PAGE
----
Data Driven: How to Quickly Digest Data for Quicker Autocross Runs

You show up on a weekend morning in your shorts and GRM T-shirt, check your tire pressures, wait for the drivers meeting and work assignments, and eventually hop in your car to make some runs. Isn’t that what autocrossing is supposed to be: accessible, laid-back, inexpensive and fun? And it is.

But most of us are there because we’re racers. We like to compete and, let’s face it, we like to win. We’ll sink big money into tires, shocks and every go-fast piece we can find as we chase down a tenth here and there. So why not use data acquisition like every other serious racer does? More of us are doing just that.

We tested several different setups at events ranging from local to regional to the SCCA Solo Nationals. Here’s some of the knowledge we gained.

Grabbing the Basics

After every autocross run, you get one piece of data by default: your time. That time says if you went fast or slow.

But to figure out why you went fast or slow, you have to rely on your memory or some potentially subjective feeling you had about the run. What if you could have more data points? For example, what if you also got a split time halfway through your run? You’d start to know where you improved or slowed down. Four splits would be better. One split per section and turn would be better still–and so on.

Of course, just about any data-acquisition tool today can give you more than just a few split times. It can show your speed through each part of the course, your lateral and longitudinal acceleration, the distance you traveled, a track map, and much more if you want it.

So, if one piece of data isn’t enough, how much more do you really need? This is a tricky question, especially at an autocross where you may have just a few minutes between runs to review your performance. You want enough information to get an objective, measured view of the run, but not so much that you can’t make sense of it quickly.

The primary answer for us turned out to be speed-over-distance graphs. Our strategy was to overlay two runs and compare our speeds at the same points of the course–for example, the same number of feet traveled from the start. In doing so, we could see whether we were faster or slower in each section, and whether going faster or slower in a section helped us or hurt us in the next section.

The Tools for This Exercise

There are myriad data tools on the market today that range from free phone apps to full-blown systems that cost thousands of dollars. We sampled several tools, then narrowed the field to two usable examples from each end of the spectrum.

On the low-buck end, we tried a few free apps and quickly realized their limitations in quality and repeatability. We then decided to spend a little money and settled on RaceChrono Pro, a $17.99 download for our iPhone ($19.99 for Android). Almost all of the free and inexpensive apps recommended using an external GPS, which will have a higher sampling rate than a smartphone chip. We paired RaceChrono Pro with a Garmin GLO Bluetooth GPS ($99) that we attached to the console with Velcro ($2.97).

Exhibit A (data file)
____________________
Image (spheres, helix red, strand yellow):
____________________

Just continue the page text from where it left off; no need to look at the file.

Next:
On the full-blown end, we went with a Race Technology DL1 Club data-logger kit ($870 base price) and an OBD-II interface ($220) from the same brand. The kit includes a data-logger box, external GPS antenna, a mini SD memory card, and some wiring bits to make connections to sensors and other external inputs.

This isn’t intended to be a product review, so we won’t go into much more detail about either of these systems. However, we can say that the low-cost app and the full system differ the most when it comes to expandability and the depth of the analysis software. While an app can be coupled with external cameras and some additional sensors, a full system can connect to a lot more inputs. Plus, software for the full systems is significantly more developed and can really let you drill deeper.

The majority of tools out there, including the ones we used, are actually intended to record multiple laps on race tracks. While they adapted pretty well to autocross, we did struggle a bit to make them work repeatably with single laps and separate start and finish lines. Nonetheless, they certainly helped us speed up.

Using the Data

We were initially enamored with each system’s track mapping feature, but we ended up referring to simple numbers and graphs in order to go faster. We did use the maps to correlate course sections to graph sections, but once we’d done that, we only looked at the graphs after each run.

Our key strategy was to establish a baseline, then compare it to subsequent runs to find opportunities for improvement. If we had a co-driver, the faster driver would set the better baseline. The slower driver usually learned more from the faster driver, but we found the faster driver getting some use out of the slower driver’s data as well. Without a co-driver, our first run served as our baseline.

The more we practiced comparing runs to a baseline, the faster we could interpret the data and put it to use. Here’s how we put our strategy in action.

LOW-BUCK DATA SETUP:

data-logging tools: iPhone 5 in driver’s pocket w/RaceChrono Pro app connected via Bluetooth to Garmin GLO GPS

cost: $119.96 (not including phone)

car: 1999 Street Touring R Mazda Miata

venue: local autocross

In this case, one driver was quite a bit faster than the other, so the slower driver compared his data to the faster driver to see where he could improve.